Vital signs are a collection of physical, biological, and chemical elements selected to represent the overall ecological health of a park's ecosystems or the effects of stressors to those ecosystems. Monitoring these vital signs can provide information about changes or trends in the park's natural resources.
The Southeast Coast Network currently conducts monitoring in eight natural resource focus areas. The monitoring protocols for estuarine water-quality monitoring, salt marsh elevation monitoring, wadeable stream habitat monitoring, shoreline change monitoring, terrestrial vegetation community monitoring, landbird community monitoring, and vocal anuran community monitoring have been approved and are published. A protocol for accessing changes to the extent of salt marsh habitats at our coastal parks is currently in development.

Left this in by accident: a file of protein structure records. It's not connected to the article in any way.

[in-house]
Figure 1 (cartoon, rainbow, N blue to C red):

Click here for more information on the national monitoring program, here for more information on vital signs, and here for information on how we manage our monitoring data.
A picturesque look at water-quality monitoring at Timucuan Ecological and Historic Preserve - How it's done, and why it's important.
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An ocola skipper (Panoquina ocola) on verbena at Ocmulgee National Monument.
Landbird Community Monitoring
Blue jays (Cyanocitta cristata) near the SECN office in Athens in January 2017.
A spring peeper (Pseudacris crucifer) at Chattahoochee River National Recreation area.
Shoreline and Climate
An SECN employee walks along the shoreline with a GPS unit to track shoreline change.
Salt Marsh Elevation
A salt marsh elevation site at Fort Frederica National Monument
Clouds from a late afternoon July thunderstorm roll in over Georgia, a common occurrence in the Southeast.
Last updated: December 14, 2022